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If left unchecked or unprocessed, the accumulation of a lifetime of losses can weigh us down, keep us from spiritual maturity, and cut us off from love and wholeness. Grief asks us to honor loss and nurtures us to awaken to our truth. It’s a time for transformation, a cleansing of, and a return to our heart. By going through the grieving process, we can find clarification of what we truly value and what we need to bring into our lives to make us feel whole and complete.


Through grief, we learn it’s necessary to acknowledge what has happened to us. We realize we have to give ourselves empathy, compassion, and time to heal the emotional wounds we’ve stored in our heart and soul. 


When grief remains buried and unexpressed, we become cut off from the natural rhythm of love in our heart. That rhythm is rendered unable to flow with the changes life brings. It becomes confused as to what we truly value and need to survive and grow. 


Grief opens us up to the harsh reality that all things come and go but that we can continually summon the courage to find new things that bring increased amounts of love and joy into our lives. In doing so, we begin to have an overall reverence for the delicateness of life itself. 


The way to return to joy is by going through pain. We must go through bitterness to find the sweet. We have to feel the pain and endure some suffering. If we refuse to grieve, the pain becomes disguised in coping mechanisms that ultimately keep us from experiencing a fuller life. In his book, “The Voice of The Heart,” Chip Dodd describes it this way: “If we choose wholeness, we choose to experience pain.” 


In choosing to process grief, we learn we can tolerate pain. We discover how it can help us grow to new levels of compassion, kindness, and patience, not just for ourselves but also for others.We realize we all grieve; it’s our common bond.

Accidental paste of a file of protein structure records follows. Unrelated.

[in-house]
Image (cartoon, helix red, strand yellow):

We can use grief to inform us of what we need more of or less of. Grief can tell us also what we’re better off without. Grief guides us if we allow it, to a higher place, one for the benefit of our soul. In every way, grief teaches us to accept and to let go. 


We let go of our story, of our pain, and of our resistance to experiencing a life full of love. We accept whatever situation is and seek to trust that life is exactly like it’s supposed to be at this moment. It’s the ultimate teacher of how to be reverent and grateful for the things that touch us so deeply that our heart is forever changed. But to grow from grief, first we need to process it.


Scientific studies show that distress or disease can be the result of unprocessed emotions. When we’re young, many of us never learn how to process our feelings in a safe and productive way. People who are used to numbing or avoiding pain may be forced into grieving by way of failing health, ulcers, heart issues, diseases, depression, anxiety disorders, addictions, misdirected rage, etc. 


Grief that remains unresolved like this is like a poisonous toxin. Every new loss left unprocessed gets added on to the already existing pain of some past event, and the heart and soul become clouded, heavily burdened, and broken. This buildup can result in rageful outbursts or silent depression. 


What we need is a way to have emotional purification of the heart. The clarity brought to us from grief is the way forward to a happier, more meaningful life. God made us so that we can endure pain and suffering. 


Like Christ, we suffer on our path toward our destiny. And also like Him, we can learn to accept, forgive, not judge, and be connected to God’s Spirit who has unconditional love for us. When we’re connected and surrendered to a Higher Power, it helps us to balance our suffering. That, in turn, produces a peace and neutrality around every loss or situation, improving our life

The Goals of Grief

A helpful exercise during grief is to set personal goals. During difficult times, I start with 10, so that I can visualize where the grief process may take me. I understand it can take a while to reach my goals, and that I will fall short of one or all of them along the way until one day I begin to feel better. 


Here are 10 examples of goals you can set for yourself:


  1. You’ve healed from your grief when the intensity of your feelings are mainly love and gratitude.  
  2. You will be able to accept loss and change along the way without being diminished by it. Life can be a series of enhancements after each loss. You will move from grief to ever increasing amounts of grace and glory.
  3. You will seek love, bonding, belonging, and support because you know these are all basic needs. Your sadness will let you know when you need more of these things, and you will find more ways to bring these into your life. 
  4. You will be able to shift the focus from what was lost to what was gained inside of you.